Mentally UNhealthy Conversations

Mental health conversations often don't go well - at work, university, school and often at home. Here's why these conversations often go wrong and produce stigma, rather than support.



When we talk about physical illness, we tend to talk about:


#1 what's wrong (I have a broken leg, arthritis, the flu, cancer)


#2 how it happened (a fall, a diagnosis, symptoms, tests)


#3 what the impact is - I need to be off work, I need rest, I need medication, I need an operation


This Label, Story & Impact approach works well for physical health.


Now let's see how it works for mental health. Let me tell you about me.


#1 Label


I have post traumatic stress disorder. And when that's really bad, I get depression too.


#2 Story


My story starts with an umbilical cord.


This flexible straw is vital to get human reproductive life off the ground carrying essential nutrients from mother to baby. Each year in the UK up to a million babies are delivered. In 2010, one of them had a faulty umbilical cord. It was on the thin side. It was big enough to allow the baby to grow to a perfectly good size. He was practically ready to be delivered. But it was thin enough so that when a small clot travelled through it, it got blocked, like a pea getting stuck in a straw.


And that's where my son, Theo, comes in. Because Theo was that one-in-a-million baby.



His death was sudden, it was traumatic and it was tragic.


It turned our lives upside down. In the following days I was with my wife when she delivered Theo. We had just four hours with him before he had to be taken away for a post-mortem. Four hours. That was our whole life with Theo. The impact was shockingly severe both for me and of course, for my wife.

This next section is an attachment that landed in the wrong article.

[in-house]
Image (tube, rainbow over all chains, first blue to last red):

I have two caring paternal interactions with Theo in my memory, which I treasure. The first is getting home from London one night after being away for a few days for work, bending down to my wife's pregnant bump and talking to Theo. I then placed my ear against the bump, as if Theo was going to talk back to me. It was just a piece of comedy to make my wife smile. But the last laugh was on me. Because as soon as I pressed my ear against the bump I received an excitable kick in the head. I cannot begin to explain how thrilling that interaction with Theo was. It was a joy and a delight. It makes my heart leap now, just to think about it, as it does every time I think about it.


It was my only, ever, living interaction with Theo. In some moments of madness, I am even jealous of my wife for having the pleasure of such interactions on a daily basis. While I got just this one chance.


My only other caring paternal interactions with him were after he died. I stroked his cheek. Held his tiny hand. And stroked his hair.


Seven weeks later I gave his eulogy and carried him in his little white coffin down the aisle of the church, into the funeral car and on to be buried. I had to do this, because I realised that it was the only thing I was ever going to be able to do for Theo.


Shortly after the funeral I returned to work. I didn't realise it until the day I went back to work. But that day I realised I was different. Over the coming weeks and months I came to understand that my brain had rewired itself.


#3 Impact